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How to incorporate undergraduate research into college life?

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I’m a rising senior researching ways to get involved around campus. One thing that I notice is that it is frequent for undergrads to assist in research with their professors, or to conduct their own. I was wondering how do students manage to balance their academic and social life while doing research. I am also confused on how one can have the opportunity to conduct research as a freshman in the first place. For context, I plan on majoring in one of the sciences and applying to PA school. #researcher #researcher #college #undergraduate #research #july20

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EmilyAnn’s Answer

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Hi! I'm a rising junior in college, and have been doing undergrad physics research for a year now. :)

It's pretty common for science majors to do research at some point in their college career, especially if you plan on continuing your education. I joined a lab led by a professor, with the option of either 6 hours or 12 hours a week. For me, my 6-hour commitment is similar to having a class - I work with my research advisor to schedule weekly lab hours that fit within my class and extracurricular schedule. It can sometimes be hard to manage depending on your course load -- my physics courses can be extremely time consuming -- so if you're feeling overwhelmed, don't be afraid to talk with your advisor about adjusting your time conducting research. I often have to move or cancel my lab hours if I have a major exam coming up, or am unusually bogged down with assignments.

I don't know anyone who started their freshman year doing research - usually you will get to know a professor whose research you're interested in, and ask if they have space for you or if they would be willing to mentor independent research. If you start doing this your first semester, you could manage to snag a spot for the second half of your freshman year. Otherwise, most people I know started in their 2nd or 3rd year.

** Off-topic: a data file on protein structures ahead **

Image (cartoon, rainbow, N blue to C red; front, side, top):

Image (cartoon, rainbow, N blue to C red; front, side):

When balancing your academic and social life, just remember to put yourself first and only sign up for as much as you think you can handle. As long as you manage your time wisely, you should have no problem fitting research into your class schedule and social life -- plenty of undergrads do it! With that being said, always make sure you don't spread yourself too thin - doing too much research can affect your studies, and vice versa. If I can manage a physics course load + research + extracurriculars while still having a social life (and I'm certainly not the best time-manager), so can you!! Good luck :)
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Morgan’s Answer

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Hi Kurt!
I am a rising senior at Purdue University, where I am majoring in Biological Engineering. Last year I participated in undergraduate research where I assisted a graduate student working in extrusion technologies. I have found that there are three main types of research - either working for credit, pay, or for free just for experience. Based on which of those types your time commitments will be a little bit different. For example, when I was doing research for credit, I was committing to about 4-5 hours in the lab per week, plus some additional supplemental work outside. Because of that, I did not find it that difficult to find a balance between school work, research, and a social life.

As far as finding research opportunities, a lot of universities (including Purdue!) offer early start or summer research opportunities where you can get started in those research communities. From there, I have found that most professors LOVE to talk about the research that they do, and often just expressing interest in their research has the potential of leading to an opportunity, if not in their lab, in a fellow professor's. Additionally, most large schools have an online system where you can search for research opportunities as well. If all else fails, just looking up professors in the area you are interested in and sending emails to set up meetings can also work.

Hopefully this helps!
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Gustavo’s Answer